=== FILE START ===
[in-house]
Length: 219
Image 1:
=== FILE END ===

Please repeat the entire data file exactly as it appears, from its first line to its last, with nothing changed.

[in-house]
Length: 219
Image 1: